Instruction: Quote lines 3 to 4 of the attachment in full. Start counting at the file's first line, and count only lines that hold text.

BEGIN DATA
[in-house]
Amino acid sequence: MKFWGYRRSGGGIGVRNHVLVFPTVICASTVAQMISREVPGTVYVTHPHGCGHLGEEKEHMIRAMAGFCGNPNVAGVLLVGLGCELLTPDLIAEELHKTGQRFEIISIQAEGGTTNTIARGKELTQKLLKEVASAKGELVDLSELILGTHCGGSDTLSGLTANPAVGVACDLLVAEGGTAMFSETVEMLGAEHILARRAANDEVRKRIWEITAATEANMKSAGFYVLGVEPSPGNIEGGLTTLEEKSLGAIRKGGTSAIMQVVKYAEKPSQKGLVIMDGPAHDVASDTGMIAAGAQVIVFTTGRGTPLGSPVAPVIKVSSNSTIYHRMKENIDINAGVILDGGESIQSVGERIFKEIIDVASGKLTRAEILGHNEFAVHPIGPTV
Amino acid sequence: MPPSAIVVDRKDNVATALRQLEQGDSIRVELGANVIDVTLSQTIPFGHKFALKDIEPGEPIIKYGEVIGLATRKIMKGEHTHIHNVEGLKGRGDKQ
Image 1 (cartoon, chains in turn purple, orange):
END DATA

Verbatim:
Amino acid sequence: MPPSAIVVDRKDNVATALRQLEQGDSIRVELGANVIDVTLSQTIPFGHKFALKDIEPGEPIIKYGEVIGLATRKIMKGEHTHIHNVEGLKGRGDKQ
Image 1 (cartoon, chains in turn purple, orange):